What if a poem started off as prose, then disappeared on you? In Alex Leslie’s new collection, The Things I Heard About You, poems do many unexpected things — sometimes they distill, sometimes propagate, other times reconfigure and reinvent themselves. Each starts by being a longer unit, some almost short stories, then proceeds to transform into a shorter version, followed by an even smaller one, to finally end up as just one to a few words.
“I read this line from John Thompson’s Stilt Jack, ‘I know how small a poem could be,’ and I thought of calling this project ‘I know how small a story can be,’” Leslie explains, on how the “blacking out” method came about. “I was really interested in the idea of getting to the essence of the story. I started by reducing the scenes to try to get at the core of the meaning, and I found out that some of the pieces change their meaning as you progress through the sections, and for some others that doesn’t happen.”
Certain poems end up focusing on a person, others on a feeling or a place. “It was really an intuitive process and pretty unpredictable,” Leslie says. “I would only sometimes go back and edit for sound and tone.” To a number of poems in the collection, the reader can easily give a narrative, but others are more intangible. This allows for plenty of freedom in reading. “A writer I know told me that she actually read the book by reading each of the smallest pieces one after another and said it read like an autobiography of a childhood. I’ve heard from other readers, too, about the different ways they’ve read the book.”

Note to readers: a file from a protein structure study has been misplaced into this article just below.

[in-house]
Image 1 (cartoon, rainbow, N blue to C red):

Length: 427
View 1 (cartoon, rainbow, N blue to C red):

Leslie’s first experience with blackout poetry was actually very practical and political. During the 2010 Vancouver Olympics, Leslie joined the poet Elizabeth Bachinsky for a participatory art event that invited members of the public to use news articles to create their own blackout poems. “It was a comment on censorship during the Olympics,” Leslie says. A collective of people would gather of an evening in an art space called the Candahar and create erasure poems out of photocopied news articles.
Is it fair to say that by its atmosphere The Things I Heard About You is a very BC, very Vancouver book? “I’d say it’s a piece that explores being tied to a certain landscape or a place — and how an identity is tied to a place. But there is definite connection to the coast.”
Leslie’s next project is a collection of short stories. “I think I have a strong interest in reproducing really specific details of life and in focusing on one character or place and kind of doing a thick description of that place. Short story is a form that works very well poetically. Its structure allows you to create an intense sense of a moment. Novels are different; they take the reader through a longer process.”
Asked to name writers of import and inspiration, Leslie cites Dionne Brand (“I totally love Brand’s Land to Light On”), Karen Solie, Julio Cortázar (“especially We Love Glenda So Much and Other Tales”) and native-American novelist Linda Hogan. “And last year I read this amazing anthology Troubling the Line, a collection of trans and genderqueer poetry published by Nightboat. I would really recommend everybody gave it a read.”